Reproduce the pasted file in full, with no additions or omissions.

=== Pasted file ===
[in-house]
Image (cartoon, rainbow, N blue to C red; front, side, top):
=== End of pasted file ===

[in-house]
Image (cartoon, rainbow, N blue to C red; front, side, top):